Pic credit: cityskyscrapers.com
Pic credit: cityskyscrapers.com

Arriving in Tehran started with a horrific taxi ride from the international airport to the city center. I was offered a pick-up from the hostel in Tehran and looking back I was glad I paid the €25. I have seen bad traffic, lack of respect and crazy things happening on the road throughout Asia, but Iran will definitely end up high in a list of insane traffic around the world.

I did not spot any fancy cars at all, but after a while I totally understood why. All cars were bruised and battered and even my taxi touched another car while overtaking in a traffic jam. After 2 hours I reached my hostel and the owner was not around but the amazingly friendly Australian guy that was staying there helped me through my first hours in Tehran.

Budget accommodation in Tehran

While trying to look for a budget accommodation in Tehran you wont be spoiled for choice. In total you will find only two options for solo travellers unless you are willing to spend more than $35 for a crappy hotel. I stayed at Tehran Hostel in Teheran and you will find it on Google Maps. This place is all about the owner. Mori is an amazing laid-back host and he will make sure you are enjoying. Furthermore this cozy place is the perfect spot to meet other travellers. The location is very central and close to the metro station. Mori also arranged me the required documents for the visa on arrival! The best way to get in touch with him is through Whatsapp: +98 912 725 7703.

Sightseeing in Tehran

The next day David and I decided to explore the capital together and we headed out to the metro station to get me some Iranian Rials before we paid a visit to the former US Embassy. Graffiti painted walls with ‘Go Down USA’ and the statue of liberty portrayed with a skull where signs that the Americans are not Iran’s best friends. So far a lot of Iranians I spoke with feel ashamed for these paintings and want them to be removed. For me it was something unique, something I had never seen elsewhere around the world. The film Fargo is all about what happened here in November 1979 when conservative students burst into the US Embassy and took 52 people hostage for 444 days! An action the supreme leader of the Islamic Republic later spoke about as a victory over the Americans. Unfortunately its not to enter the former Embassy as it has been used by the military ever since. It does houses a museum where they show documents that proof the suspicious actions of the Americans in that time. According to the guidebook it’s only open every year from February 1st till February 10th!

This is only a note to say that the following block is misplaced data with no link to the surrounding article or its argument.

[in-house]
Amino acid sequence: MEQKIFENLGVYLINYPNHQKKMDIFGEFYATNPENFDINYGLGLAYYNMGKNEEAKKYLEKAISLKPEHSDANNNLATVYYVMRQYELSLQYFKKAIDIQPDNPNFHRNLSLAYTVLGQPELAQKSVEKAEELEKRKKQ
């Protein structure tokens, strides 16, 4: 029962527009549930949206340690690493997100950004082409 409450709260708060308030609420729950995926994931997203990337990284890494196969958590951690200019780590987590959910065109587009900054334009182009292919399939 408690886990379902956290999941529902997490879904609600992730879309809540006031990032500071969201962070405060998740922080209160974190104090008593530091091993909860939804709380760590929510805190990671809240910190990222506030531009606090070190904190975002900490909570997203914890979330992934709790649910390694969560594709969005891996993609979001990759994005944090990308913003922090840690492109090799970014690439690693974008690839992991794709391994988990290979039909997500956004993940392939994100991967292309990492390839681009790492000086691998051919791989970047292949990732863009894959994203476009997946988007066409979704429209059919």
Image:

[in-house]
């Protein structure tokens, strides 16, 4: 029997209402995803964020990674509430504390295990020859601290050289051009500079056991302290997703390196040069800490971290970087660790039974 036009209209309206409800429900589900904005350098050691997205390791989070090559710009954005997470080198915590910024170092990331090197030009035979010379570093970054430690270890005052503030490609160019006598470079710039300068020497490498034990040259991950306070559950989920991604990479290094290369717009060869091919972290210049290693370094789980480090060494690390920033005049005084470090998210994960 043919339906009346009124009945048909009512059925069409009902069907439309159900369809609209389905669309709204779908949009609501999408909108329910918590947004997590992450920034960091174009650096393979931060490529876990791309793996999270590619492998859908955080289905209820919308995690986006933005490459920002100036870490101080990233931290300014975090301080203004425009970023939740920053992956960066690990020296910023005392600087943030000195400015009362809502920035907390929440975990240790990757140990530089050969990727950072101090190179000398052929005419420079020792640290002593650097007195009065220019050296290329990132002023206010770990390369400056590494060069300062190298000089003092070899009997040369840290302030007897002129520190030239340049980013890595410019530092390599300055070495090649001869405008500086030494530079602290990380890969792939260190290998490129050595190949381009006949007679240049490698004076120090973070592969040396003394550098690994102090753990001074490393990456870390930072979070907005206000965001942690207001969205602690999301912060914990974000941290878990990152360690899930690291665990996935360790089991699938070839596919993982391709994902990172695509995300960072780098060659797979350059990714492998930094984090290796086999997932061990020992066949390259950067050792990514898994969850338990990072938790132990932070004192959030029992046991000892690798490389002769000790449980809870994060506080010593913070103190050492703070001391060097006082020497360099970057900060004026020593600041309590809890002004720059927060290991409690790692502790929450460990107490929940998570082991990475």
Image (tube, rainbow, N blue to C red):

For more Tehran travel tips check out my friends Jordan's blog.

It is worth taking a look, since there is a metro station just a few meters away from the front gate. Walk around and feel the history! Taking pictures can apparently be tricky as there have been reports that tourists had to delete them after questioned by the police. I made pictures and even some videos while fully equipped soldiers where walking around. Take a look at my daily vlogs about my adventures in Tehran with videos from the former Embassy.

Lately the news is full of stories about Tehran and its smog problem. A couple days before we already saw that happening as we were about to head up to the Milad Tower. This 435m high concrete construction is the most iconic of Tehran’s skyline. Views of the city and surrounding mountains can be great on a clear day, though that was not today. You could barely see anything in the distance so we decided to save the $4.

A coffee and a walk through the park later I finished my first day in Tehran and I was not impressed. The horrendous traffic did not make it a pleasant day sight seeing. The metro network is very convenient to travel around and is super cheap. But at the end of the day it is all about the sight that take your breath away and however I did not yet go to the Golestan Palace, which is supposed to be the highlight of Tehran, Tehran does not has that much appeal to me.